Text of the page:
Hormone therapy raises breast cancer risk
Hormone replacement therapy (HRT) may ease menopause symptoms, but new research suggests that it might also increase the risk of breast cancer. A study published in the Journal of the National Cancer Institute found that women who use a combination of estrogen and progestin to ease some of the more unpleasant symptoms of menopause are 1.5 times more likely to develop breast cancer than women who did not use the hormones.
While not the first study to look at HRT’s possible link to breast cancer, this research analyzed information gathered from 41,000 postmenopausal women between 50 and 79 years of age over an 11-year period. Half of the women took HRT at some point during the study and the other half never used HRT. Of the 2,200 cases of breast cancer diagnosed during the study period, women on HRT accounted for 0.6 percent of breast cancer cases each year. Women who did not use HRT accounted for only 0.42 percent of cases each year.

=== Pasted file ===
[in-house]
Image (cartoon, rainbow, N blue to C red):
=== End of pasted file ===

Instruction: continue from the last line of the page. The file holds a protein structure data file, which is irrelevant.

The good news is that the women’s chance of survival after a breast cancer diagnosis was the same, regardless of whether they used HRT or not.
But the findings add to a growing body of research that hormones – especially estrogen and progestin – contribute to a women’s overall risk of developing breast cancer at some point in her life.